I live in a neighborhood called Valley Glen (formerly East Van Nuys). I’m guessing civic pride in the Glen is high since the ‘hood’s power brokers take the time to send out a little green pamphlet every few months called the Valley Glen Voice.
It’s a quaint little eight-page, green-tinted newsletter, with tree tips ("Please Don’t Top Trees!") invites to community events, even recipes (for eggplant caviar – blecch). Basically, a two-minute, thirty-second read, at best. But before the fall edition made its way to my recycling bin, a front-page story jumped out at me. The headline read “Welcome to Walgreens.” Oh shit. Another drug store. Who knew there was such a demand for one-hour photo service?
But what really ate at me was learning that the new drug store (located mere blocks from Walgreens on Coldwater) is moving into space on Victory Boulevard currently occupied by the venerable Chris & Pitt’s restaurant. NOOOOOOOOO!!!!!! Be still my beating heart.
C&P may not serve the best ‘Q in the Valley, but you can’t deny its many decades of history; yet in about a year’s time (“if everything goes well,” according to the ever-cheerful Valley Glen Voice) all that’ll linger are sauce-stained shirts and memories. Little by little, the weathered old liver spots on the Valley’s face are getting dermabrasioned in white wash.
And it hurts. My first stepfather was seriously goyim, and the almighty ‘Q was sacrosanct. To step-pappy, good livin’ was a rack o’ ribs, a 32 ouncer of Colt 45 wrapped in a crumpled brown paper bag, and a game of chess to wash it all down. Of course, it can’t compare to its brethren in Texas, Kansas City, or even Oakland, but Valley ‘Q will forever be a craving I must fight – hard -- to suppress. Barbecue is in my blood.
When my family landed in Sepulveda in the summer of ’73, we quickly discovered the smoked gold cooked up at Dr. Hogley Wogley’s in Van Nuys. A Three-Way from the good doctor went a long way in our cramped apartment. And no, it wasn't some sauce-soaked sexual romp, but rather a very meaty meal featuring a plate piled high with carnivorous goodness.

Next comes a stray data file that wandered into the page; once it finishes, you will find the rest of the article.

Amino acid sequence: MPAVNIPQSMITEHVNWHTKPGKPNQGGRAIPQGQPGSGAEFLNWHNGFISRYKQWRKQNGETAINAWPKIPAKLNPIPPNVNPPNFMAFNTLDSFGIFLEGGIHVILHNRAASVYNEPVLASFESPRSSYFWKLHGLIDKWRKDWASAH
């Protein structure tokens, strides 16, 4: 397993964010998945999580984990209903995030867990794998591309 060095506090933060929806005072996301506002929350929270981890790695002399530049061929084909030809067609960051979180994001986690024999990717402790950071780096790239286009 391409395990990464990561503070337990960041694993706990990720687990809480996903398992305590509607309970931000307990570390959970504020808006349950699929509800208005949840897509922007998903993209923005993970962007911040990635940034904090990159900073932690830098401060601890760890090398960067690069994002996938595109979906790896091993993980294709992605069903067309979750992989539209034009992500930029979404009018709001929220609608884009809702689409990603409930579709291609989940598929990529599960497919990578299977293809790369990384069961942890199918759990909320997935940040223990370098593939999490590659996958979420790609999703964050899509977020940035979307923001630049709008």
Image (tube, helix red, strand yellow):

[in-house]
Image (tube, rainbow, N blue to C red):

Hogley’s ruled the Valley then and now, but Chris & Pitt’s carried some heavy weight as well. They were big time -- selling their special brand of bbq sauce (Hickory, baby) in supermarkets. Just like Bob’s Big Boy and their outta site blue cheese dressing, Now that was some old-school branding. You could pick that shit up at Lucky's.
Additionally, the Pitt’s is “Home of the Live Wood Fire.” Hell yeah it is. With neon beer ads, cheesy native American paintings, rickety ceiling fans and rows of brown banquettes, it’s a rough-hewn roadhouse proudly lacking the effete affectation of today’s uptight trendoid chow palaces. You come to Chris & Pitt’s to eat, not to dine. It’s a Fred Flintstone scene, full of ravenous barbarians at the gates of hunger, anxious to gnaw on a rack. And you’re going to get messy. You finish your meal not with a cappuccino, but with a toothpick and multiple wet-naps in foil containers. For me, Chris & Pitt’s served as a gut-busting booze sponge before a long night of longnecks down the road a stretch at the Palomino. (R.I.P.)
Like I said, this hurts … another artery in the throughline of my life snapped without anesthesia. An historic landmark gutted for a goddamn chain drug store. The news turned me instantly into a concerned member of the community. What is happening to my neighborhood? Valley Glen is going the way of Times Square! I needed answers – and quick.
Yet I’ve been unable to crack the great Chris & Pitt’s mystery. I called the restaurant, and those who work there don’t have a clue. “We hear rumors,” a night manager told me. “But I don’t really know anything.” I rang the corporate office and was greeted with a brick wall. “I can’t really comment on it,” said a drone named Peggy. How messed up is this? The deal is apparently done, yet the employees don’t know and the suits aren’t talking.
I tried the Valley Glen Neighborhood Association, the original bearers of the bad news. They were more than happy to gush in their newsletter about the arrival of the new business, but the association president couldn’t be bothered to answer the emailed questions of a fellow neighbor. This is silence that’s deafening.
I’m quickly learning that Suburbland is just like the rest of America: If you ask questions, you’re either ignored or greeted with a condescending smirk.
But we don’t have to stand idly by. Fight the power. Fight Wonder Bread gentrification. Raise a rib to Chris & Pitt’s.
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